What’s next for AT&T deal? Possible sale of 40 percent of T-Mobile assets

NEW YORK ― AT&T and T-Mobile’s corporate parent, Deutsche Telekom, acknowledged that an acquisition deal was in trouble in a Thanksgiving Day announcement. The companies said they had withdrawn, for now, their application to the Federal Communications Commission to join their cell phone operations. They also said that AT&T would take a $4 billion charge against earnings — the amount in breakup fees owed to Deutsche Telekom if the deal is scrapped.

The companies portrayed the withdrawal of the FCC application as a tactical move, after the commission chairman said earlier in the week that he would move to oppose the deal. The Justice Department filed an antitrust suit to block the merger in August.

Focusing on the antitrust trial, scheduled for February, the companies explained, would now be the first step. They vowed to continue to pursue their bold plan to combine the second- and fourth-largest cell phone carriers in the United States.

But the companies’ ambitions must be scaled back if they want any chance at a deal, analysts say. To address the objections of the Justice Department and FCC that a merger would be anticompetitive, AT&T could agree to sell off 40 percent or so T-Mobile’s assets to wireless rivals, they say.

The policy goal, analysts say, would be to strengthen wireless competitors beyond the big two, Verizon Wireless and AT&T. So sales of mobile spectrum, cell towers and customers could not be made to Verizon, but to others, like Sprint and MetroPCS, the third- and fifth-largest carriers.

Or perhaps assets could be sold to a well-heeled foreign company that, unlike Deutsche Telekom, is increasing its investment in the United States: América Móvil, headed by the Mexican billionaire Carlos Slim Helú. Slim is a major shareholder in The New York Times Co.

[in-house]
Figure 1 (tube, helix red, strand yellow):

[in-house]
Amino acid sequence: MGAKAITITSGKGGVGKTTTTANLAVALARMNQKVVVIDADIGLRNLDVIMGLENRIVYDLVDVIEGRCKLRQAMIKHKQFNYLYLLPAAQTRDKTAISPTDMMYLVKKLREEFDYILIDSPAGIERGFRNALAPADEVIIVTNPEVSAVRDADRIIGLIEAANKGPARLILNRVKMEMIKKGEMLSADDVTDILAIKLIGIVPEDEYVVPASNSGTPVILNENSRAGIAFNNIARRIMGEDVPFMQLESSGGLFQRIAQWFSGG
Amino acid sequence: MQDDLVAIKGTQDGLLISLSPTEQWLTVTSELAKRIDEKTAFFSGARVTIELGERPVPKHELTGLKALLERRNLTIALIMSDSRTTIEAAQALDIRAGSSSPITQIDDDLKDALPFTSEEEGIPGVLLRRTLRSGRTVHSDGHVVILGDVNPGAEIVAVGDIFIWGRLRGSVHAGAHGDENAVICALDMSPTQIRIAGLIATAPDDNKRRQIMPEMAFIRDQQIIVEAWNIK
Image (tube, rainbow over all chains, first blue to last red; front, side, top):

Creative deal-making, analysts note, would be required to forge alliances and supply cash for spinoff purchases. The list of potential participants, they say, includes private equity firms, like SilverLake Partners, and cable companies, like Comcast and Time Warner, which own spectrum and whose Wi-Fi networks can work in tandem with cell networks.

Each of the options would present obstacles. And it is not clear that AT&T would be interested in a drastically scaled-down deal. Yet the company has consistently argued that its main motivation for pursuing T-Mobile is to acquire scarce wireless spectrum, so AT&T can quickly build out high-speed, next-generation network capacity to improve its service.

“If that is its goal, then AT&T has to explore ways to salvage as much spectrum out of the deal as it can,” said Kevin Werbach, an associate professor at the Wharton School of the University of Pennsylvania and a former technology policy official at the FCC.

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